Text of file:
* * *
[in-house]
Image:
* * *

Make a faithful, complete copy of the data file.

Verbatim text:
[in-house]
Image: